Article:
One in five California women suffers from depression, anxiety, or both while pregnant or after giving birth, negatively impacting the mother and the child. Despite this high prevalence of mental health issues, few women receive treatment. CHCF is working with partners to better understand this issue and to explore innovative, practical solutions for delivering mental health care to California’s mothers and expectant mothers in need.
Perinatal mood and anxiety disorders are the most common medical complication affecting women during pregnancy and after childbirth. They include prenatal and postpartum depression and/or anxiety, and, in extreme cases, postpartum psychosis. According to the Maternal and Infant Health Assessment (MIHA) conducted by the California Department of Public Health (CDPH), 21.2% of pregnant and postpartum women in California are affected. The prevalence is estimated to be even higher in some populations. For example, one in four African American and Latina mothers in the state reports depressive symptoms, and so do as many as half of all mothers living in poverty.
Left undetected and untreated, these conditions can lead to negative health outcomes for the mother, and can negatively affect the mother-child bond and the child’s long-term physical, emotional, and developmental health. Additionally, the financial cost of untreated maternal mental health conditions can be significant (for example, more use of emergency care services, higher rates of absenteeism at work).
Fortunately, these conditions are treatable, and early detection can make a significant, positive impact. CHCF is currently funding projects to better understand maternal mental health care in California and to explore ways that it can be improved. A summary of the projects that are part of CHCF’s current maternal mental health portfolio is provided below.
Background and Landscape
A CHCF Almanac report describes the status of maternity care in the state, including available statewide data that relates to maternal mental health. (June 2016)
CHCF and The California Endowment supported the convening of a statewide task force on maternal mental health in California, which produced a report with statewide recommendations. (April 2017)
The Listening to Mothers in California survey is an effort to collect the opinions and experiences of mothers about maternity care. Co-funded with the Yellow Chair Foundation, and conducted by a team led by the National Partnership for Women and Families, the survey is being fielded in English and Spanish. It is based on the widely cited Listening to Mothers survey that has been conducted multiple times nationally, but never before at the state level or in Spanish. (In process, with findings expected Q2 2018.)
CHCF is partnering with University of Southern California’s Hollywood, Health and Society to incorporate more accurate depictions of maternity care into TV programming, including stories about maternal mental health. (In process)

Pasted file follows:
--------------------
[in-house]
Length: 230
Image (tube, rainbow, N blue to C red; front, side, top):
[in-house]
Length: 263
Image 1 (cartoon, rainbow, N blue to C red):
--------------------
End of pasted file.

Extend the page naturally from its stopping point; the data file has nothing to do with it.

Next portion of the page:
The National Committee for Quality Assurance (NCQA) is developping three clinical quality measures for perinatal depression that will be proposed for inclusion in the national Healthcare Effectiveness Data and Information Set (HEDIS). (In process)
Maternal Mental Health (MMH) Now implemented a pilot program to test collaborative maternal mental health care in three Los Angeles community clinics: Harbor Community Clinic, Eisner Pediatric and Family Medical Center, and Martin Luther King Outpatient Center.
With the Los Angeles County Health Agency and the University of Southern California, a pilot program is testing use of secure emails in electronic consultations, or “eConsults,” between reproductive psychiatrists and general psychiatrists to improve the management of pregnant and postpartum women with severe, persistent mental illness (SPMI). (In process)
Researchers from the University of Washington and the Advancing Integrated Mental Health Solutions (AIMS) Center, in collaboration with OCHIN and the University of Pennsylvania, are assessing the impact and cost-effectiveness of the provision of longitudinal remote consultation (LRC) provider-to-provider. The goal of LRC in this project is to support the collaborative care model of perinatal depression management in community health centers. Approximately 20 community health centers from across the country — all members of the OCHIN community health information network — will be participating in this dissemination and implementation effort. Four California sites are participating so far: ChapCare Medical Health Center, Central Neighborhood Health Foundation, Alliance Medical Center, and Open Door Community Health Center. The National Institute of Mental Health is the main funder; CHCF is supporting the California sites. (In process)
CHCF’s maternal mental health work is part of a CHCF-wide focus on behavioral health: building integration essentials (data transparency and data sharing, new financing models, and policy solutions) and supporting care transformation, including complex care integration and integration initiatives in the Medi-Cal program. CHCF is also participating in a statewide effort to address the opioid epidemic, a component of which focuses on increasing access to integrated addiction treatment.